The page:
Global Health

Global health refers to those factors that transcend national boundaries and governments to determine the health and human security of people across rich and poor countries, and of future generations.

The determinants of health are a complex range of biological, social, economic environmental, political and other factors. These include new and re-emergent communicable diseases spread by humans or animals, and non-communicable diseases resulting from trends in lifestyle and diet influenced by global advertising and media. Factors such as the misuse of antibiotics in both rich and poor countries, which leads to drug resistance and makes treatment ineffective, restrictions on access to affordable medicines and failure to support research into diseases affecting poor people are examples of the economic determinants of global health. Pollution of oceans and global warming are examples of environmental factors that not only have a global impact but may also affect the health of future generations. Trade systems that trap some poor country producers in poverty, and consequently poor health and investment that fails to take into account the impact on health and well-being, are examples of the political determinants of global health. Biological terrorism and other threats to human security may also be considered global health issues.

In order to address these interrelated factors, new forms of global governance are required at national and international level. These must engage state, private and civic sector institutions, as well as individual citizens, in meeting these generational challenges to sustainable development, since, if they are not addressed now, they will become uncontrollable threats to the health and security of future generations.Better understanding of these determinants and measures to address them requires further research for global health and an understanding of the burden of disease in rich and poor countries in health, economic, political and social terms.

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Further Definitions


Health is “a state of complete physical, mental and social well-being and not merely the absence of disease or infirmity” (WHO, 1948). To achieve health, societies, communities and individuals must engage in an active process to create and maintain well-being and the conditions in which it can be attained. Health is thus a co-production of many actors at every level of society and can only be maintained by continuing action to address the determinants of and threats to health.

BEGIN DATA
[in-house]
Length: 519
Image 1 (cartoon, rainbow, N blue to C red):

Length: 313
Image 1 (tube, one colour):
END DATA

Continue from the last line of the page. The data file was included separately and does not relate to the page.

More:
Research for Global Health:

Research for Global Health is research undertaken in any discipline or combination of disciplines that seeks to understand the impact on health of policies, programmes, processes, actions or events originating in any sector – including, but not limited to the health sector itself and encompassing biological, economic, environmental, political, social and other determinants of global health. It should assist in developing interventions that help prevent or mitigate any adverse impact of policy on global health and contribute to the achievement of health equity and better health for all.

Burden of Disease:

Burden of Disease is a measureof the impact of ill health from a given cause (disease, injury, cause of disease, or risk factor) in a population of interest.  The overall burden of disease is usually assessed in terms of disability-adjusted life years (DALYs), a time-based measure that combines years of life lost due to premature mortality and years of health lost due to time lived in states of less than full health. Analysis of a country’s, region’s, or global burden of disease can provide a comprehensive and comparable assessment of mortality and loss of health due to diseases, injuries and risk factors. This loss of years of health and life has economic consequences for families and society as well as social and political impacts.

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